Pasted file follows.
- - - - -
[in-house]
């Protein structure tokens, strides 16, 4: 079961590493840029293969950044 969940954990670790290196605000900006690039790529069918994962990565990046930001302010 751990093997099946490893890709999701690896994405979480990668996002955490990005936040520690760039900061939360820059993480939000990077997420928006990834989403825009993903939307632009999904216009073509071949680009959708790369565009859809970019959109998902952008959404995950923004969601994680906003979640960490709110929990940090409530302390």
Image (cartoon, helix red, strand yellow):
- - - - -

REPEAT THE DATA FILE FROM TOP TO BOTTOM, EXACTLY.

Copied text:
[in-house]
């Protein structure tokens, strides 16, 4: 079961590493840029293969950044 969940954990670790290196605000900006690039790529069918994962990565990046930001302010 751990093997099946490893890709999701690896994405979480990668996002955490990005936040520690760039900061939360820059993480939000990077997420928006990834989403825009993903939307632009999904216009073509071949680009959708790369565009859809970019959109998902952008959404995950923004969601994680906003979640960490709110929990940090409530302390």
Image (cartoon, helix red, strand yellow):